Tree growth is both in length and in girth or diameter. Side to side movement of stems contributes to increased limb girth or diameter. Restricting this side to side movement allows for growth in length but severely limits growth in girth.
Growth in girth gives stems the strength to stand upright without support. Plants that are not allowed to move in the wind and kept rigid for long periods of time will develop little girth.
The important point on staking to remember is to immobilize the root system by immobilizing the trunk or trunks while still giving them a chance to move and sway in the wind. Movement due to wind, as long as it isn’t so excessive that the stem breaks or cracks, strengthens the stem.
Stakes should be about the same diameter as the limbs you are supporting. The stakes should be driven solidly into undug soil , not just the soil in the planting hole. The stake, or stakes if you need more than one, should be tied as low on the tree as possible while still immobilizing the rootball in the backfill of the hole.
If the tree does not need to be staked, then don’t stake it.
Prune the tree to thin out the canopy to reduce the chance of “sail” effect. The sail effect is what moves the rootball in the planting hole and interferes with how fast the tree will root into the surrounding soil. You should be able to see through the canopy easily when you are done. If you can see through it easily, the wind will move through it more easily and the sail effect will be reduced.
Q: Is now a good time to trim my Chilean mesquite trees? They have almost completely shed their leaves from last summer and what I see are a lot of spindly limbs that look like they should be trimmed. Or, shall I wait until fall?
A: Chilean mesquite is a variety of mesquite tree that is supposed to be thornless. It is not too late to trim them but you better do it quick. Yes, even though mesquite is supposed to be evergreen, when it is cold enough it does drop its leaves. Many mesquites are what is termed a riparian plant. It responds quickly and dramatically to water when it is available.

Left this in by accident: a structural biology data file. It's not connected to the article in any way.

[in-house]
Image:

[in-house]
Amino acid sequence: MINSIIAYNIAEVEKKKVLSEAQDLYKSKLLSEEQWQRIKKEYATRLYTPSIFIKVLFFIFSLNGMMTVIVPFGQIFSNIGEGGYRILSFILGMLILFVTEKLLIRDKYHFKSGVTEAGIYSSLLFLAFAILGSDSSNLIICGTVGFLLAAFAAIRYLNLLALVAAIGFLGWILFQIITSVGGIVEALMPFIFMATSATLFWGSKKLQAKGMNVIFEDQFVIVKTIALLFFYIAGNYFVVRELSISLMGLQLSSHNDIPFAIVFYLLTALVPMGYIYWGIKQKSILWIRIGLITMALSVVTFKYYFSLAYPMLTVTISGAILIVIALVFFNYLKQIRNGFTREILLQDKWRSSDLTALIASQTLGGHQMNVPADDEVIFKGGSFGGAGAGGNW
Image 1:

Watering frequently and deeply will cause the tree to grow quickly and put on a lot of new growth. It also will grow quickly in response to pruning so be careful in your watering after your pruning or you will put on all the growth you removed in a very short time.
Q: Can you advise me on a good fertilizer for my Mondell pine trees which are approximately five years old?
A: Any balanced fertilizer, such as a 16-16-16 or 10-10-10 or 8-8-8, or any fertilizer that looks approximately like these numbers would be good. Actually, most lawn fertilizers will be fine as well; just make sure there are no pesticides mixed in with the fertilizer.
Nitrogen, the first number, is most important to nonflowering trees like pines and will be the most important to apply. Keep the fertilizer away from the trunk and apply it near the tree’s water source, a few inches below ground. Another method is to use fertilizer stakes, which are neat, clean and you don’t have to worry about opened bags of fertilizer.
Bob Morris is an associate professor with the University of Nevada Cooperative Extension. Direct gardening questions to the master gardener hot line at 257-5555 or contact Morris by e-mail at firstname.lastname@example.org.